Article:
The business landscape in Africa is a precarious one, especially for newbies. It’s an unforgiving terrain where quite a number of factors appear to conspire against businesses and their owners. Government policies, lack of funding, and a host of other factors are usually thrown up as being reasons for this. Many opine that it is twice as difficult to build a business here than in other parts of the world.
According to available statistics, in South Africa, 50% of small businesses fail within the first 24 months of launch, while between 70% and 80% of small businesses fail within the first 5 years.
According to The Better Africa report by Weetracker, failure rate for start-ups in Nigeria, Africa’s biggest economy, has averaged 61 percent between 2010 and 2018.
Across the continent, the top 10 countries that have experienced the highest incidences of shutdowns among start-ups are Ethiopia (75%), Rwanda (75%), Ghana (73.91%), Zimbabwe (66.7%), The Democratic Republic of the Congo (66.7%), Tanzania (62.50%), Nigeria (61.05%), Senegal (58.3%), Somalia (60.0%), and Kenya (58.7%).
Consequences on the Economy
With the failure rate pictured above, the impact this has on the economies of the countries is obvious. Loss of capital, depression, which then leads to suicidal tendencies, and even crime, are some of the resultant effects.
But what exactly is usually responsible for a business folding up? According to Wole Oluyemi, a senior finance expert and business coach, the absence of funding is usually not the only cause of business failure.
He posits that the presence of funding may even be an encouragement for a business to fail, especially in the absence of a clearly defined business model.
He goes ahead to list ten causes of business failures:
1. Producing a product or service that is not needed by the market: Some startup founders do not conduct a thorough market survey to see if there is really a demand for the product they have in mind. They thus end up releasing a product but without patronage, which ultimately signals the death of such a venture.
2. The inability to have the right team or having a dysfunctional team: According to Oluyemi, some founders end up partnering or bringing in other team-mates who are either not passionate about the business or simply just square pegs in round holes.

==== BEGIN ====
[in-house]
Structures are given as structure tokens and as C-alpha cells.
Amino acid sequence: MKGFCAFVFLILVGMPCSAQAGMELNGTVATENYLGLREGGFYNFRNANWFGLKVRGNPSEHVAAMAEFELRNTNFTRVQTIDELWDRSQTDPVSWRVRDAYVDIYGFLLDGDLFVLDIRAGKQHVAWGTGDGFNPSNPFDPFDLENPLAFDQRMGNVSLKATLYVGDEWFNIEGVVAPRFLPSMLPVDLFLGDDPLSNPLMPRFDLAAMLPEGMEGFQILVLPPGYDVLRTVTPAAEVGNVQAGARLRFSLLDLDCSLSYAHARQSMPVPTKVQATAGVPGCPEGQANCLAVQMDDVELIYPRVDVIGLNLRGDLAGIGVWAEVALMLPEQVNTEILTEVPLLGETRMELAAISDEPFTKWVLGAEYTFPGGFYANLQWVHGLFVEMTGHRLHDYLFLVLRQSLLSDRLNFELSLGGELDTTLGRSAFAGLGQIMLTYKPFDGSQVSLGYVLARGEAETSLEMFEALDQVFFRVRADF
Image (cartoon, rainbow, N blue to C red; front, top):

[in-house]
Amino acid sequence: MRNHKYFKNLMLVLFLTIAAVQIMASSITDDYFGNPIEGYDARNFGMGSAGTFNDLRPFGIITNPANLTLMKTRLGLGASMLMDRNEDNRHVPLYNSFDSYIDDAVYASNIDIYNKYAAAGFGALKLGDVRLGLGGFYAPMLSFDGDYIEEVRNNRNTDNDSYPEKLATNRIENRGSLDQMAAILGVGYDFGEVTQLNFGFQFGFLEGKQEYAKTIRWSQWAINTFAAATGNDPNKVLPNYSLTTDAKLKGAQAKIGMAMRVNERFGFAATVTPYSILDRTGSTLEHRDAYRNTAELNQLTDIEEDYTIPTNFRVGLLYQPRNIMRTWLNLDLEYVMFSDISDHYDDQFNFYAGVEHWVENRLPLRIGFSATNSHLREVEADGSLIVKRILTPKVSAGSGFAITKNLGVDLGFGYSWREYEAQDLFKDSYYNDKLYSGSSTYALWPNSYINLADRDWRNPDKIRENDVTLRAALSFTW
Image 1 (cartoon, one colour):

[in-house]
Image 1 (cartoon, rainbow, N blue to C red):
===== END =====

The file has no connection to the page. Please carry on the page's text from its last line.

3. Poor pricing strategy: Some business owners do not adopt the right pricing strategy, either due to a lack of understanding of the market or in a bid to draw in sales. Either way, this ends up affecting the business.
4. Poor product – quality issues: Quality, he says, is another issue that could cause the death of a business.
5. Poor marketing. It’s not just about advertising: The soul of any business is its customers. Where there is no effective integrated approach to marketing, the business tends to suffer in the long run.
6. Bad location: According to him, location is another critical factor that may make all the difference in the lifespan of a business. If a wrong or bad location is chosen to situate the business, this will no doubt go a long way in determining how long such a business stays.
7. Legal issues. Not having proper legal agreements for transactions: To avoid this, a careful and deliberate effort must be set in motion to ensure that all legal aspects of the business and sales are well covered.
8. Ignoring Customer Feedback: When business owners refuse to listen to the feedback of customers, then such a business may be heading ultimately to extinction.
9. Not moving with technological innovations or changing lifestyles: Businesses that do not adapt to the changing times, he says, will ultimately die as they will be behind in innovation and change.
10. Leadership not understanding their finances: This may include overtrading or poor working capital management.
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